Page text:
[World Report] Mexican President López Obrador draws doctors' ire

The Lancet - Sa, 23/05/2020 - 00:00
President López Obrador later apologised after his comments were denounced by Mexican medical associations amid the COVID-19 pandemic. David Agren reports from Mexico City.

[World Report] England and Wales see 20 000 excess deaths in care homes

The Lancet - Sa, 23/05/2020 - 00:00
PPE shortages, lack of testing, and a vulnerable population have seen care homes in England and Wales become hotspots of the COVID-19 epidemic. Talha Burki reports.

[Perspectives] Helena Legido-Quigley: proponent of health systems strengthening

The Lancet - Sa, 23/05/2020 - 00:00
As Associate Professor in Health Systems at Saw Swee Hock School of Public Health at the National University of Singapore, Helena Legido-Quigley was able to observe at first-hand how the country responded to its first COVID-19 outbreak earlier this year. “It was striking how well Singapore was prepared, a legacy from the SARS era, with a dedicated infectious diseases hospital and 6 months of supplies of personal protective equipment and ventilators. The public health response was fast and efficient with good governance and effective health-risk communication”, she says.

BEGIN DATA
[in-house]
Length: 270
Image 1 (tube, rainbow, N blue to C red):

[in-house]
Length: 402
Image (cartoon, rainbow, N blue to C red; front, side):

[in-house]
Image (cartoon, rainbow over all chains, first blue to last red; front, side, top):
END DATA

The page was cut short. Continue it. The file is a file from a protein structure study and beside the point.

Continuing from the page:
[Perspectives] Stereotype threat

The Lancet - Sa, 23/05/2020 - 00:00
Among the disturbing statistics to have emerged during the COVID-19 pandemic has been the disproportionate impact in terms of death and severe illness on ethnic minorities in the UK and the USA. On April 7, 2020, it was reported that in the US city of Chicago, where the black population is roughly 30%, nearly 70% of COVID-19 deaths were in this demographic. A report released by the UK Intensive Care National Audit and Research Centre on April 17, 2020, showed that 34% of patients in the UK receiving advanced respiratory support were non-white, despite the non-white population nationally being about 14%.

[Obituary] Robert McCredie May

The Lancet - Sa, 23/05/2020 - 00:00
Physicist turned ecologist and UK Chief Scientific Adviser. He was born in Sydney, NSW, Australia, on Jan 8, 1936, and died of pneumonia in Oxford, UK, on April 28, 2020, aged 84 years.
Condividi contenuti